Originally created 02/28/01

Keeping score more than just birdies and bogeys



MIAMI -- Birdies and bogeys, even who is leading the tournament, soon will tell only part of the story on the PGA Tour. A new scoring system will report everything fans want to know about every shot by every player in every round.

Wondering how Davis Love III played the first seven holes in 8-under par at Pebble Beach? The Shotlink System will explain that he missed only one fairway, had only two putts longer than 8 feet and even holed a wedge from 104 yards for eagle.

Only two players made birdie on the 18th hole in the final round at Riviera. Shotlink will give the length of every drive, where it landed, what clubs were required to reach the green and how many of the 79 players in the field had a putt at birdie.

Clearly, golf has come a long way from manual scoreboards, televised leaderboards, running scores at the bottom of the screen, even scoreboard updates every 10 minutes on the Internet.

"I don't think any other sport has anything with the potential sophistication of this," said Henry Hughes, chief of operations for the PGA Tour.

Shotlink is a $15 million system developed to replace a 15-year-old method of keeping score and will be a platform for more information than even the most avid golf fan can grasp.

By tracking every shot at every tournament, Shotlink can inform fans what percentage of players went for the green on a par 5 and their average score; how often Tiger Woods makes birdie when he has nothing more than a 9-iron into the green; even the club of choice on a tricky par 3.

And that's just for starters.

"We're going to end up calculating 200 new statistics," said Steve Evans, vice president of information systems for the PGA Tour. "There's going to be stuff that nobody cares about. But other things will be interesting, and we'll learn what those are."

Shotlink remains a work in progress.

It was supposed to be launched this week at the Genuity Championship, but a few bugs in the software were exposed during a test on the Senior Tour two weeks ago. Also, the PGA Tour is still working with caddies to get club selection, and trying to assure players that gathering information will not disrupt their play.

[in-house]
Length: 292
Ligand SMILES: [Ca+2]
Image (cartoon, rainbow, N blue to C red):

Several parts of the package should be available at The Players Championship.

When Shotlink is fully operational, it is expected to take golf to new levels of fan participation. One aspect of the system will allow people at home to compete in a computer game against the pros playing Bay Hill or the Byron Nelson Classic.

"A lot of people who love golf are going to think the world of this," Jeff Maggert said. "I think we've only touched the tip of the iceberg as far as fan interaction."

But concerns come with this complex scoring platform.

Satellite technology to provide grid maps of every course and lasers to measure distance will enable the walking scorers to chart the exact length of every shot. Still, some players question whether their caddies should be giving out club selection.

"I don't have a problem with it, as long as there's not interference by the person taking the information, interrupting the flow of my routine," Mike Weir said. "If they're antsy and want to get a number, that's going to be an issue."

The tour said club selection will not be recorded until everyone in the group has hit.

Other players question whether it compromises the integrity of the game to have real-time access to such information.

But giving out club selection, or even getting an idea of how the course is playing, is nothing new. That kind of information is already available on television.

For one thing, most caddies flash the club selection to television spotters. And at some major championships, players who tee off in the afternoon can watch television coverage in the morning of how the course is playing and what clubs are being used.

Still, Love wonders what will happen when someone in the gallery with a hand-held computer logs on to Shotlink, finds out what club players in the group ahead hit into a par 3 and pass that information on to the players.

"You can watch four or five hours of the British Open or U.S. Open on television," he said. "You could also camp out on the 18th and watch for yourself. But you can't go running around and looking in everyone's bags for four hours, which is what we'll be able to do.

"I don't think the rules guys and the staff thought about that part."

Woods, who might need the Shotlink System to help develop Internet games on his own web site, also isn't sold on the idea.

"I don't think it's very good at all," he said. "It's compromising some principles. Players need to be able to play without fans knowing exactly what happens."

Hughes believes these concerns will be allayed over time, just like anything new. Tour officials also said the players will benefit financially because Shotlink will add value to the tour and help increase prize money.

Television will have access to a myriad of statistics, which they can package to use however they want.

"I think it's pretty cool," Phil Mickelson said. "Ultimately, we're going to create value for the PGA Tour and create more excitement about the telecast. If I were a fan and I had an opportunity to see what guys are hitting and where, I'd feel like I have a much greater participation in the telecast."